The Spool / Festivals
Sundance 2020: “Surge” Throws Ben Whishaw Over the Edge
Ben Whishaw shakes off the shackles of Paddington Bear in an intense, if meandering thriller about a man driven to the brink.
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Ben Whishaw shakes off the shackles of Paddington Bear in Surge, an intense if meandering thriller about a man driven to the brink.

(This review is part of our coverage of the 2020 Sundance Film Festival.)

“I am so. Fucking. TIRED!” shouts Joseph (Ben Whishaw), a twitchy airport security worker at the end of a long, aggravating day to a neighbor who won’t stop revving his four-wheeler outside their apartment building. We don’t know what kind of mental health history Joseph has, and Aneil Karia‘s propulsive thriller Surge gives us little to work on in that department. We’re left to intuit whether he’s had something off in his head for a while, or if this is that old Joker idiom about it only taking one bad day to turn a regular person into a maniac. But as the stresses mount, and Joseph responds accordingly to his frayed-wire madness, Surge becomes less interested in the whys than the hows of a man realizing the precarious nature of our social fabric, pulling gleefully at the threads to see if it unravels.

Effectively a feature-length take on Karia’s previous short Beat (which also starred Whishaw as a man on the brink), Surge is an exercise in taking our deepest, darkest impulses to their furthest conclusion. To watch Whishaw’s Joseph in the latter half of this film is to watch an extended version of one of those scenes in a movie where a frustrated character trashes a room and flings things to the floor; there’s a transgressive joy in it, and a deep sadness too.

From what we see of his life, Joseph’s world is not a happy one: his airport work –with its sweaty patdowns and nervous banter — immediately places him in an antagonistic, intimate dynamic with the people he meets. His parents (Ian Gelder and Ellie Haddington) are, respectively, deeply withholding and frustratingly overbearing. You get the sense that Joseph is constantly pinballing between situations, perpetually terrified that he’ll do something wrong or, worse, impolite — it’s enough to drive anyone mad. His home life, or lack of one, gives him few outlets for positivity, with no romantic partner to speak of (save for a coworker (Jasmine Jobson) he unhealthily pines for). And he has a disquieting tic where he gnaws on dinner forks and drinking glasses, the latter eventually breaking in his mouth in one disturbing scene. Society, it seems, is gnawing on him right back.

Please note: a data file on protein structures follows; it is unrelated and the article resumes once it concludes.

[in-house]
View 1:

It’s not too long before all these stressors make Joseph finally snap, resulting in an hour-long English riff on Falling Down (or, as I like to call it, A Jolly Tumble). What starts as a breakdown at work turns into a last-ditch effort to ingratiate himself to his coworker by fixing her TV, which leads to a Safdie Brothers-caliber descent into neurotic madness. There are more than a few parallels to the Safdies’ 2017 thriller Good Time (right down to a bluffed bank robbery that results in an ink pack going off), but the focus is more on social breakdown than the tragic follies of a flawed protagonist. At this point, Joseph welcomes trouble, but he’s always able to escape it, to an almost increasingly implausible degree as the film continues.

Still, if you surrender yourself to the idea that society has degraded so much that someone like Joseph can get away with so much gleeful mayhem, there is a wry humor that sets in in the latter half of Surge‘s journey that helps amplify the single-mindedness of it all. Most of the major action takes place over a single night, Stuart Bentley’s handheld cinematography getting plenty of long-take workouts as Joseph’s mania compounds. But try as they might to build Joseph’s marathon of madness to a larger point about man’s inhumanity to man, or white male rage, it all ends up feeling a bit thin. He just ends up seeming like an asshole, and takes it out on a lot of people who don’t deserve it.

As for Whishaw, he’s clearly relishing the chance to let loose in a way his prim and proper British lads of old (Paddington, Q) don’t allow; whether you’re on board with his fidgety impulses and awkward Joker smiles is in the eye of the beholder. They feel novel and transgressive, then they start to get old, then they keep going long enough for them to feel like a kind of sad genius. Whatever your mileage for such an actor-y showcase performance, Surge will certainly test it.